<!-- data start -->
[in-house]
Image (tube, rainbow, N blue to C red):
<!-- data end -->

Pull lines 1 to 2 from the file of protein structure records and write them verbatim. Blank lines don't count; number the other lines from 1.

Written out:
[in-house]
Image (tube, rainbow, N blue to C red):